BRYAN, Tex. (KBTX) - Right now, older Americans are inundated with messaging that calls them the population most at risk of becoming seriously ill from COVID-19.
“I think it’s making them fearful,” said Marcia Ory, founding director of the Texas A&M Center for Population Health & Aging. Ory is a sociologist behavioral scientist and chronic disease epidemiologist.
However, Ory says there is a way that seniors can hear and heed this messaging while also protecting their mental health: “Don’t be fearful; be concerned.”
Ory urges seniors to know the best public health practices and adhere to social distancing recommendations, but she says that doesn’t mean they can’t find ways to prioritize mental health, too.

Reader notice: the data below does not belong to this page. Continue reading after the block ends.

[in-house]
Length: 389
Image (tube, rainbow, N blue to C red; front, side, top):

“The old-fashioned thing is to get on the phone; talk to your friends, family, neighbors,” said Ory on First News at Four. “Or chat through FaceTime because I think it is important to see people.”
Ory says solitary moments don’t have to be negative, either.
“Take a walk, maybe with your dog—just be sure you’re not walking with packs of people,” said Ory. “Or enjoy nature…don’t just be sitting there glued to the TV.” She says the bonus of physical activity is another key factor to staying mentally (and physically) healthy.
Ory urges younger people to check in on their older loved ones, too. “We don’t want older people to be socially isolated,” she said.
But, at the end of the day, Ory puts the onus on older Americans to take action to fight the blues while social distancing.
“Find ways to stay connected,” said Ory. “You as an older person can be calling and doing things for others.”
For the full conversation, see the video player above.